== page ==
Metlakatla Ordinance Amendment, § 4.2, May 28, 2008 (emphasis added).
The language authorizes a bingo system to provide technological assistance to a player asking that it “daub” numbers on a card when such numbers or other designations match those drawn or electronically determined. The tribe immediately submitted that amendment to the chairman as required by 25 C.F.R. § 522.3(a). The chairman wasted little time in disapproving it.
On June 4, the day before chairman’s public announcement in Oklahoma City, he issued a letter to the mayor of the Metlakatla Indian Community detailing his reasons for disapproving the amendment. The letter reiterated many of the restrictive arguments commission staff have developed and embraced in the last several years in opposition to tribal operation of one-touch bingo games. None of these arguments is new to those who have followed the commission’s public pronouncements.
The chairman once again claims that a one-touch game lacks the “competition” required to prevent a linked bingo game from being an impermissible Class III facsimile. He notes that a player in such a game could not “sleep” a bingo, and would therefore not be competing against other players to win the game. Finally, in his attempt to reconcile his conclusion with the existing facsimile definition, the chairman criticizes that definition and seeks to eliminate the permissive provisions with which he disagrees.
In essence, he seeks to make effective his own facsimile definition without the administrative formalities necessary to withdraw and replace the existing 25 C.F.R. § 502.8. Most significantly, the chairman’s letter reiterates positions previously taken in speeches, regulatory proposals or non-binding opinions of the Office of General Council-but now, for the first time, opens those positions to judicial review. The debate thus enters a wholly new phase.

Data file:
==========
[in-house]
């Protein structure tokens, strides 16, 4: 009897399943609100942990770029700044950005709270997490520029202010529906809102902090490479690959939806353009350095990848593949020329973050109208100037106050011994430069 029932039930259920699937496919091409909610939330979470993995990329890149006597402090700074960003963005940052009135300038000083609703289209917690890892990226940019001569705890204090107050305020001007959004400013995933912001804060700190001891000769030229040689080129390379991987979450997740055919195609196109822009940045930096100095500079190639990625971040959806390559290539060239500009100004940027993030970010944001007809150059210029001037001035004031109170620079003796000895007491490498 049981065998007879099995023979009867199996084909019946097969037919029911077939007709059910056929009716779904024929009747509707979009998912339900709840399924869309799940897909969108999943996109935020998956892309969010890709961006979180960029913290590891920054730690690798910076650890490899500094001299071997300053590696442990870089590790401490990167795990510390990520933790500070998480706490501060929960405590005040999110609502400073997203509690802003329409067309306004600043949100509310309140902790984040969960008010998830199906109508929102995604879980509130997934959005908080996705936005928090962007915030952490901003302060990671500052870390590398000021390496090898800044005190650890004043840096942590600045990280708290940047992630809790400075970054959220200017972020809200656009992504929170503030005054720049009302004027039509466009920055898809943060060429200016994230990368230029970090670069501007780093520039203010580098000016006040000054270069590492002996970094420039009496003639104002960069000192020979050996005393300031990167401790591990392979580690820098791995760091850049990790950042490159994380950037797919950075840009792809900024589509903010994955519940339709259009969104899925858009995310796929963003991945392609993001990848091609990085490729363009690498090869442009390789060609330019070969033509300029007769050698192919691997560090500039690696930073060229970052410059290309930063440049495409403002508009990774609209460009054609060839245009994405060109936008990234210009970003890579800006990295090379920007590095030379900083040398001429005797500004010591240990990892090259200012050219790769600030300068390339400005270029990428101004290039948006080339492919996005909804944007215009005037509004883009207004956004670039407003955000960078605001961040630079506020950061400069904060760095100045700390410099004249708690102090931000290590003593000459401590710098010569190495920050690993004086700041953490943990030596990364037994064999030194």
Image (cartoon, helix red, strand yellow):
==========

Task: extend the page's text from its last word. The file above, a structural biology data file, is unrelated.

The chairman’s disapproval of the Metlakatla Ordinance Amendment is subject to appeal to the “full” commission, and thereafter to review in federal court under the Administrative Procedure Act. The Metlakatla tribe’s July 7 appeal to the NIGC started that process. The subsequent schedule will be as follows:
• July 28: Chairman’s response to the appeal;
• August 11: Metlakatla reply to the chairman’s response;
• August 21: Deadline for other tribes to submit amicus briefs to NIGC;
• October 6: Deadline for full commission to decide the appeal.
The full commission’s decision on appeal will be subject to judicial review so long as the case is filed within the statutory six-year limitation period.
The Controversy Continues
In more recent meetings, the chairman has declined to commit himself to precise direction for further action on Class II regulation. He continues to indicate that the NIGC will not go forward with the classification standards or facsimile definition proposals.
He might, he says, announce withdrawal of those proposals at the same time as the commission announces its intent to move forward with the two remaining proposed rules-on technical standards and MICS. He continues to see a need for what he now describes as “a brighter line” distinguishing permissible Class II technological aids from facsimiles that may only be played pursuant to a compact.
There are widely differing reactions to the chairman’s recent pronouncements. While the technical standards and MICS as published last October are substantively more acceptable than the NIGC’s original proposals, as result of extended discussions and changes pressed by tribal and industry participants over a year-long collaborative process, the NIGC’s classification and facsimile proposals were not subject to similar examination.
Many believe that all of the regulatory proposals particularly suffer from insufficient consultation with tribal governments. There is little disagreement among tribal advocates that the previous package of proposed regulations would have devastated the industry, but there is significantly less agreement on how best to protect that same industry going forward. Many tribes are pressing the chairman to formally withdraw the set-aside regulations, and will not be comfortable until that is accomplished.
Class II remains vitally important to the future of all tribal gaming. Immediately after the chairman announced his determination to set aside the classification proposal, the state of Massachusetts showed renewed interest in discussing a compact with the Mashpee Wampanoag Tribe.
The significance of Class II gaming is not just the bingo game.
Judith Shapiro is a Washington, D.C., Indian law attorney who has been active in the Class II regulatory process. She can be reached at 202-723-6400 or by email at firstname.lastname@example.org.